Credit card companies cash in on students by pushing plastic on campuses

By Michelle Singletary
Washington Post Staff Writer
Wednesday, October 27, 2010; 8:20 PM

When will we stop pushing plastic on our young adults?

For years, institutions of higher learning and affiliated groups have struck deals with credit card issuers to market their cards to students, many of whom don't have any significant source of income.

Selling this access has been lucrative for schools and groups such as alumni organizations. In 2009, according to the Federal Reserve, 17 credit card issuers made total payments of $83.5 million for the privilege of marketing their products to students, faculty, staff and alumni.

And what did the credit card companies get in return?

Over the years the contracts have been in existence, more than 2 million college-related credit card accounts have been opened. Last year alone, the number of new accounts was 53,164.

In addition to getting access to mailing lists, issuers paid schools and affiliated organizations royalties for accounts opened and fees based on how much people purchased on the cards. So the more debt people piled onto their cards, the more schools collected in cash.

At least we now have a better grasp of these contracts because of the Credit Card Accountability, Responsibility and Disclosure Act of 2009, also known as the Credit CARD Act. The Federal Reserve now has to submit to Congress an annual report that sheds light on the deals struck by credit card companies with postsecondary institutions and their affiliates. The public also gets to see the details. You can view the 1,044 contracts submitted to the Federal Reserve by going to

This is the first comprehensive look at the agreements. But the Fed's report lacks any meaningful commentary or conclusions. We don't know exactly how many of the accounts were opened by undergraduates. Nonetheless, we've got more details of the deals than ever before, so now what?

I know what.

Congress should have the chutzpah to do what New York Attorney General Andrew M. Cuomo did after investigating student credit card marketing practices in his state.

Cuomo, the Democratic nominee for governor, got the State University of New York - with 64 campuses and 465,000 students - to agree that it would not share students' personal information with credit card companies without asking students first. Any deals cut have to be in the best interests of students. Schools also can't conclude a deal in which the school earns a percentage of finance charges imposed on students. If a school has such an agreement, it must stop accepting payments immediately.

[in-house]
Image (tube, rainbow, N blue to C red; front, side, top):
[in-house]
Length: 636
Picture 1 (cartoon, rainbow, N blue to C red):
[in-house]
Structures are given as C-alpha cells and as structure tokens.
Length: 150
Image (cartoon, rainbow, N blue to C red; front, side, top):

"Basically, the transparency should cause colleges to renegotiate these contracts," said Ed Mierzwinski, the consumer program director for the Washington office of the National Association of State Public Interest Research Groups (U.S. PIRG). "What good is having the information if no substantive changes are made to keep credit cards away from students for as long as possible?"


Ideally, schools will take a hard look at the reforms Cuomo extracted and adopt them voluntarily, Mierzwinski said.

Nearly 40 percent of the agreements submitted to the Federal Reserve were between a credit card issuer and schools, and 33 percent were between an issuer and an alumni association.

Three credit card issuers accounted for about 96 percent of all college credit-card agreements. By far the largest player in this game was FIA Card Services, a subsidiary of Bank of America. It submitted 906 college credit-card agreements. Last year, FIA made payments to schools and affiliates totaling almost $62 million. The issuer opened 38,610 new accounts and, as of Dec. 31, 2009, had a total of 1.6 million open college credit card accounts linked to its higher education agreements.

Increasingly, students are using credit cards to pay for education expenses other than books and supplies. Nearly one-third of students charged their tuition in 2008, an increase from 24 percent in 2004, according to study done by Sallie Mae, the largest student lender.

On average, students charged $2,200 in 2008, more than double the average of $942 in 2004. They also had, on average, 4.6 credit cards. At least the CARD Act now requires lenders to make sure consumers under 21 have the income to make required payments or they have to get a co-signer 21 or older who has the ability to do so.

Look, if we know - because we've studied it to death - that many young adults (and older ones, too) don't have a grasp of basic money management, we should be outraged that institutions of higher learning have entered into these agreements giving access to financially vulnerable students. After all, there's plenty of time for our young adults to learn to be debtors.

Readers can write to Michelle Singletary c/o The Washington Post, 1150 15th St., N.W., Washington, D.C. 20071. Her e-mail address is Comments and questions are welcome, but because of the volume of mail, personal responses may not be possible. Please also note comments or questions may be used in a future column, with the writer's name, unless a specific request to do otherwise is indicated.

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